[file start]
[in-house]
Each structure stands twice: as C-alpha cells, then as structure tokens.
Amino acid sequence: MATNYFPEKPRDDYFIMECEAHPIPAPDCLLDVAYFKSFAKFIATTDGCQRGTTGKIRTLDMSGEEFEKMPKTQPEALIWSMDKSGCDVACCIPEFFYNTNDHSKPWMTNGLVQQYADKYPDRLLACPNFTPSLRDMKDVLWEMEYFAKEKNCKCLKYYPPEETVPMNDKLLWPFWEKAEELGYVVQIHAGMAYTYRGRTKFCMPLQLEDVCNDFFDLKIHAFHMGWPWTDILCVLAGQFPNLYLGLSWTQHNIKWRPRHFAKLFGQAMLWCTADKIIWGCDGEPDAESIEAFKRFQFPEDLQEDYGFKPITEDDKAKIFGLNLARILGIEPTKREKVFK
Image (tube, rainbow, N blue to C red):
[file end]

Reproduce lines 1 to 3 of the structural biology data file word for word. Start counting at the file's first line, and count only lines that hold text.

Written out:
[in-house]
Each structure stands twice: as C-alpha cells, then as structure tokens.
Amino acid sequence: MATNYFPEKPRDDYFIMECEAHPIPAPDCLLDVAYFKSFAKFIATTDGCQRGTTGKIRTLDMSGEEFEKMPKTQPEALIWSMDKSGCDVACCIPEFFYNTNDHSKPWMTNGLVQQYADKYPDRLLACPNFTPSLRDMKDVLWEMEYFAKEKNCKCLKYYPPEETVPMNDKLLWPFWEKAEELGYVVQIHAGMAYTYRGRTKFCMPLQLEDVCNDFFDLKIHAFHMGWPWTDILCVLAGQFPNLYLGLSWTQHNIKWRPRHFAKLFGQAMLWCTADKIIWGCDGEPDAESIEAFKRFQFPEDLQEDYGFKPITEDDKAKIFGLNLARILGIEPTKREKVFK